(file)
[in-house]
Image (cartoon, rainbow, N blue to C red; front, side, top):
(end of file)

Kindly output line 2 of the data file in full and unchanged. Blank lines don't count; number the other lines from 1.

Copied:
Image (cartoon, rainbow, N blue to C red; front, side, top):